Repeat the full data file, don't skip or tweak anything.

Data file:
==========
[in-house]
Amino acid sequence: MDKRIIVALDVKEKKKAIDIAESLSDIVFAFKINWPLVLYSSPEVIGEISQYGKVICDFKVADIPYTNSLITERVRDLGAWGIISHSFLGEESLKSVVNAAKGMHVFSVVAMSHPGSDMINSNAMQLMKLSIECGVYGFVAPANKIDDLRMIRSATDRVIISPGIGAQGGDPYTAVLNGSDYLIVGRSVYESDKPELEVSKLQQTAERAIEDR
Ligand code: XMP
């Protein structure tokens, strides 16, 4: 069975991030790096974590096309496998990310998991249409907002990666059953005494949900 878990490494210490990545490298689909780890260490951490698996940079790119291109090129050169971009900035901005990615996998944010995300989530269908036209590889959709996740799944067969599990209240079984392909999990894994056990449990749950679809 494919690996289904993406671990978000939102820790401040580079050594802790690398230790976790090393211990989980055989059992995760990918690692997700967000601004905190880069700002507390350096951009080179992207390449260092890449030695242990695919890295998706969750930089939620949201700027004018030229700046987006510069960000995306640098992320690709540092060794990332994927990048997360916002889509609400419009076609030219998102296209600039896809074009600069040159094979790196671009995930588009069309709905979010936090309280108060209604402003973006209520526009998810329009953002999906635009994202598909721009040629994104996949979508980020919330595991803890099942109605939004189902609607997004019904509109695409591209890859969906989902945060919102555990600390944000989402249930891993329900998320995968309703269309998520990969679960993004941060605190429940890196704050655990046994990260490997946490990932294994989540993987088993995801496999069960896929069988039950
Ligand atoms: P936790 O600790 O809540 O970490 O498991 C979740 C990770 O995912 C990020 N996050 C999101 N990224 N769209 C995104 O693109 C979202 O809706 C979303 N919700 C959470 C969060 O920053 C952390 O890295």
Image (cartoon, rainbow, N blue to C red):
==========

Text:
[in-house]
Amino acid sequence: MDKRIIVALDVKEKKKAIDIAESLSDIVFAFKINWPLVLYSSPEVIGEISQYGKVICDFKVADIPYTNSLITERVRDLGAWGIISHSFLGEESLKSVVNAAKGMHVFSVVAMSHPGSDMINSNAMQLMKLSIECGVYGFVAPANKIDDLRMIRSATDRVIISPGIGAQGGDPYTAVLNGSDYLIVGRSVYESDKPELEVSKLQQTAERAIEDR
Ligand code: XMP
């Protein structure tokens, strides 16, 4: 069975991030790096974590096309496998990310998991249409907002990666059953005494949900 878990490494210490990545490298689909780890260490951490698996940079790119291109090129050169971009900035901005990615996998944010995300989530269908036209590889959709996740799944067969599990209240079984392909999990894994056990449990749950679809 494919690996289904993406671990978000939102820790401040580079050594802790690398230790976790090393211990989980055989059992995760990918690692997700967000601004905190880069700002507390350096951009080179992207390449260092890449030695242990695919890295998706969750930089939620949201700027004018030229700046987006510069960000995306640098992320690709540092060794990332994927990048997360916002889509609400419009076609030219998102296209600039896809074009600069040159094979790196671009995930588009069309709905979010936090309280108060209604402003973006209520526009998810329009953002999906635009994202598909721009040629994104996949979508980020919330595991803890099942109605939004189902609607997004019904509109695409591209890859969906989902945060919102555990600390944000989402249930891993329900998320995968309703269309998520990969679960993004941060605190429940890196704050655990046994990260490997946490990932294994989540993987088993995801496999069960896929069988039950
Ligand atoms: P936790 O600790 O809540 O970490 O498991 C979740 C990770 O995912 C990020 N996050 C999101 N990224 N769209 C995104 O693109 C979202 O809706 C979303 N919700 C959470 C969060 O920053 C952390 O890295």
Image (cartoon, rainbow, N blue to C red):